All outdoor crofting activities are affected by, and largely limited by, the weather.  It is therefore useful to have a basic understanding of where our weather comes from and why it behaves the way it does.  With a little knowledge it is possible to make our own predictions about the weather, based on observations of the clouds and changes in the air pressure.  However, it is much more reliable to refer to the professionals although it is also useful to be able to interpret their charts to gain an accurate picture of what is going on around us.

For a basic explanation of weather systems and synoptic charts, BBC Bitesize for GCSE students provides a good starting point.

The Met Office gives further detail on a range or weather-related topics, under the heading of How Weather Works.  The sections on 'Weather fronts' and 'How to read synoptic weather charts' are particularly useful and are accompanied by YouTube videos.

There are many sources of weather forecasts available, with the BBC and Met Office the most obvious. However sites such as XC Weather or even the American based Weather Underground can be useful.

Thunder storms, or more specifically lightening can cause significant problems to power supplies, broadband connections and damage to electrical devices.  A useful site is Lightning Maps which displays lightning strikes in real time and hence gives warning of impending strikes in your locality.



The distinction between weather and climate is made clear in the Met Office section of their site; 'What do we mean by climate?'.  The section then goes on to deal with 'What is Climate Change?' and looks at the evidence that the global climate is changing.  It also includes a video which states the case for the human cause of the recent rapid rise in average global temperature.

NASA's Global Climate Change resource offers impressive evidence, causes and effects of climate change, as well as mitigation and adaptation.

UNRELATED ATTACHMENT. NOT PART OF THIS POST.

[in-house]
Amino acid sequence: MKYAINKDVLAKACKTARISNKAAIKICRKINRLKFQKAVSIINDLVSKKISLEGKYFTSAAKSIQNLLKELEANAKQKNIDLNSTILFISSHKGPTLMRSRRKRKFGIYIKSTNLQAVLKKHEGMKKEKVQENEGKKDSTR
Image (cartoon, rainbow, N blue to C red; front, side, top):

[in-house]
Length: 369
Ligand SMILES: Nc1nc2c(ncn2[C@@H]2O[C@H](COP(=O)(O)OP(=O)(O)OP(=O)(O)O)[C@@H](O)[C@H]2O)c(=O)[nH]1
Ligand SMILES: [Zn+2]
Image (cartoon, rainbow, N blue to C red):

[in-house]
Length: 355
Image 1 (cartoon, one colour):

Climate Change and Scottish Agriculture: Report and Recommendations of the Agriculture and Climate Change Stakeholder Group (ACCSG).  This is an attempt to consider the potential effects of climate change on Scottish Agriculture and to make recommendations for adaptation.

The UK Government’s report (2011) ’The Future of Food and Farming’ contains a great deal of information on the environmental effects of intensive agriculture and current global food markets, including the effect on Climate Change.

An article in the Edinburgh News (May 2015), produced in partnership with the Scottish Government, explores the question: 'What impact will climate change have on Scotland? This article includes a section about agriculture.  

The SNH website has a section on the effects of climate change: 'Climate change is one of the biggest challenges for Scotland's nature and landscapes.  The unprecedented rate of human-induced climate change threatens plants and animals that are unable to adapt quickly enough to its effects. This is happening now, and how we choose to respond will affect not only individual species and our distinctive landscapes, but also our lifestyles, our economy and our culture.'

This project is funded by a generous donation from Mr & Mrs T Hubbard, New York, USA through the NTS Foundation USA and by a grant from the Ernest Cook Trust
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